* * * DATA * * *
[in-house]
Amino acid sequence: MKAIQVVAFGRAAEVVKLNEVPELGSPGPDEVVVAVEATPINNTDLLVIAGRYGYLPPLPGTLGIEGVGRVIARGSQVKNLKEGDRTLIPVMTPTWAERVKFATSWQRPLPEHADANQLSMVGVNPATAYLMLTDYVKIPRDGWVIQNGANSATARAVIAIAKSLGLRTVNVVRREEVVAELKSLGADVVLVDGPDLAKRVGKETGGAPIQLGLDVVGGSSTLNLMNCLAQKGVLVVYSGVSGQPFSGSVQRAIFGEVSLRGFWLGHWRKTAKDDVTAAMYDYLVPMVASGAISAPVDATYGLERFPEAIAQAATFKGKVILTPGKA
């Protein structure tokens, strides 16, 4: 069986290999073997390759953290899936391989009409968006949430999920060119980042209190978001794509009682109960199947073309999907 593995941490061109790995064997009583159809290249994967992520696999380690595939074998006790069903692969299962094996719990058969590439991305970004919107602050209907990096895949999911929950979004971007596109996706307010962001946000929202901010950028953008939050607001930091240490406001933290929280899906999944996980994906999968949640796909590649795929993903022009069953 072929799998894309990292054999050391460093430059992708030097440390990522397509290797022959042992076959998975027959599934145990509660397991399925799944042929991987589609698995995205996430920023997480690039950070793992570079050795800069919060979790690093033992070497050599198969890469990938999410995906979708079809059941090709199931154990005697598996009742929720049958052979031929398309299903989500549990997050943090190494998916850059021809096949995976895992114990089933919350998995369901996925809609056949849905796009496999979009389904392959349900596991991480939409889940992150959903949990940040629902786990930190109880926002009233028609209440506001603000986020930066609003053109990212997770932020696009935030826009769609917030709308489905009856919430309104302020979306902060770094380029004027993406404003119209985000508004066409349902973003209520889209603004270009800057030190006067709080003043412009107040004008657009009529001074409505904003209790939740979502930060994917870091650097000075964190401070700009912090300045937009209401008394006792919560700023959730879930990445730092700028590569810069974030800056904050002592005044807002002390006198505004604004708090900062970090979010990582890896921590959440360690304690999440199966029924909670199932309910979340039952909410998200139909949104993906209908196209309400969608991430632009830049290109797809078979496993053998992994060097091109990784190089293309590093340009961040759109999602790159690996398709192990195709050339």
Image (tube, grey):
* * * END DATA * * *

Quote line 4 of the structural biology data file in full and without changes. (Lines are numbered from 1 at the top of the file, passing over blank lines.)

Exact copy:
Image (tube, grey):